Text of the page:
Veterinarians have long been adamant about vaccinating social dogs against the general term we call “kennel cough,” associated more specifically with canine infectious hepatitis and respiratory disease/adenovirus type 2, canine parainfluenza virus (not to be confused with dog flu, which is canine influenza virus), and Bordetella bronchiseptica.
In fact, veterinarians have been vaccinating social dogs to protect them against these viruses, and to therefore protect other dogs in the community for many years.
For dogs who ever spend time in a kennel, daycare, or grooming environment, or are social with dogs in any way, the right vaccines to protect against kennel cough and upper respiratory infections have long been considered routine within the veterinary profession. Also, some boarding facilities/daycares even mandate this protection.
For the most part, adenovirus type 2, canine parainfluenza virus, and Bordetella bronchiseptica can make dogs uncomfortable if they are sickened. A small number require hospitalization, although that is rare, and a tiny percentage succumb. All of these infections are contagious, so other “innocent dogs” in the community—if unvaccinated—may be sickened as well.
Now compare that with dog flu (canine influenza virus or CIV), particularly the more virulent of the two strains, known as H3N2. For starters, because the H3N2 strain of CIV is novel (unless a dog has already recently suffered dog flu), all dogs exposed get sick—not just many dogs, but all dogs. And, overall, more dogs require hospitalization compared to the various upper respiratory infections (generalized as kennel cough) noted above. Also, far more dogs die, up to three to five percent.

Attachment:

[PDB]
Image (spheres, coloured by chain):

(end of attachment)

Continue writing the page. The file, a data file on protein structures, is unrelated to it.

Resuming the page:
While three to five percent may not seem like a lot of dogs—it isn’t a high mortality rate compared to canine parvovirus or the canine distemper virus—do consider that it’s likely thousands of dogs have been sickened across America in 2017 with CIV.
So, let’s do some math. Consider a conservative estimate of a thousand dogs have been sickened with CIV in 2017 (again, likely that number is far higher). That means 30 to 50 dogs have died. What if one of those dogs was yours dying of a preventable illness?
Still, many veterinarians don’t vaccinate for dog flu (for no real reason), while they routinely vaccinate for other, less infectious, less likely to hospitalize, and less likely fatal, upper respiratory viruses.
And, if boarding/daycare facilities and groomers vaccinated, as well as dogs traveling to dog shows and participating in canine sporting events, the incidents of dog flu would be reduced significantly.
What makes CIV or dog flu even more insidious is that around 20 percent of dogs that get the bug don’t show signs of illness. Certainly, that’s a good thing for those lucky dogs, because they feel fine, but they still spread the virus and infect other dogs. And, their owners have no way to know their dog (who seems well) is spreading the illness to others. The CIV vaccine limits this shedding of the virus, which also protects the community at large.
If we vaccinate—as we routinely do—for other upper respiratory infections, which are statistically less likely to cause as much illness or even death, why aren’t we more proactive about vaccinating for dog flu?